You’re about to grow one of the most unique and rare fruits in your garden.
Cucamelons, also known as Mexican Sour Gherkin, Mouse Melons and Sandita, resemble tiny watermelons, however have a mild, sometimes sour taste. Great for snacking right off the vine or pickling for an even more unique flavor and presentation.
Many beautiful vegetables can grow in your garden, but if there is one that deserves to be called cute, it’s the cucamelon. It’s not difficult to see why they are also called mouse melons: The one-inch fruit looks like a watermelon that a mouse would lug home from the market. Botanically, the cucamelon (Melothria scabra) is neither a cucumber nor a melon, though it is part of the larger cucumber family (Cucurbitaceae).
A fast-growing, vining plant, the cucamelon is a frost-tender plant. While it is perennial in tropical climates, it is most commonly grown as an annual in other climates, where it is planted in the spring. Small yellow flowers appear in the late spring to early summer and are followed by the striped green fruits, which are about the size of a large grape. The flesh of the fruits is white. Cucamelons have a unique crunch and a cucumber-like but slightly tangy flavor.
Cucamelon Quick Info Guide
Common Name: Cucamelon, mouse melon, Mexican sour gherkin, sandita
Botanical Name: Melothria scabra
Plant Type: Annual, fruit (Perennial in warmer areas)
Size: 1 ft. tall, up to 10 ft. wide
Sun: Exposure Full sun
Soil Type: Humusy-rich and well-drained
Soil pH: Acidic (6.1 to 6.8)
Bloom Time: Spring, summer
Hardiness Zones: 2–11 (USDA)
Native Area: Central America
Choose planting location
If you’re limited on space, you can grow your Cucamelons in a 5 to 7 gallon pot. A 24 inch pot is great for growing 3-4 Cucamelon vines.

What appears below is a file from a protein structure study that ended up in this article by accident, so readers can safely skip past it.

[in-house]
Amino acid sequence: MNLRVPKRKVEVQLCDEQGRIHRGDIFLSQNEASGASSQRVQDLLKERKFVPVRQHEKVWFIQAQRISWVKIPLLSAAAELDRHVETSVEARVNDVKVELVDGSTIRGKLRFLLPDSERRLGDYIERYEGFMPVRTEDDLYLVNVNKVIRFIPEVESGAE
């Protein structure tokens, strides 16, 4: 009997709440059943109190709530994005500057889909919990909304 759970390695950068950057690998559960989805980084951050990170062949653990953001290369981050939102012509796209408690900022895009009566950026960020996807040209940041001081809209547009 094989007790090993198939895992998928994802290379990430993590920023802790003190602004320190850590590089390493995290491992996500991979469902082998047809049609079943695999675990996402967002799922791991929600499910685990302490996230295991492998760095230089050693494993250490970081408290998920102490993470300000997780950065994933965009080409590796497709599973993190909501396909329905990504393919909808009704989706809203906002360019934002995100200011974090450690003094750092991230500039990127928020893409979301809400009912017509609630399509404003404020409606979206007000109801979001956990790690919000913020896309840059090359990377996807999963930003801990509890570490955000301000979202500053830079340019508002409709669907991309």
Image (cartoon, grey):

You can use any sort of trellis you like or place your pot near a fence and allow them to grow along it. Again, if space is limited, consider a tomato cage.
If planting in the ground, choose a location that receives FULL SUN. Soil should be nutrient rich and well-drained for best results.
Planting and Caring for your Cucamelon
Seeds a usually direct-sown in the garden after all danger of frost has passed in the Springtime, and nighttime temperatures are 50°F or above. Seeds germinate in 10-14 days and reach maturity in 60-70 days.
Plant seeds ½ inch deep, and space plants about two feet apart. Cucamelons don’t take up nearly as much space as other vine vegetables, however it’s a good idea to grow them on a trellis or other support structure. Round tomato cages also work well if space is limited.
Soil should be well-drained humus-rich. Slightly acidic pH is preferred. Add organic matter if possible, and mulch around base to prevent weeds.
Water regularly, however do not allow soil to become saturated. Seeds will not germinate in soil that is below 60°F.
Fertilize plants when they are 3-4 weeks old.
Harvest your Cucamelons when they are no more than one inch in diameter. Any larger, and they will become seedy and much less palatable. Check for ripe fruit at least every other day. Your fruits will keep for several days in the crisper part of your refrigerator.
You can either eat these tiny melon right off the vine, or pickle them for a delicious and unique flavor. They will taste like pickles, yet look like miniature watermelons.
Please feel free to contact us with any questions you may have!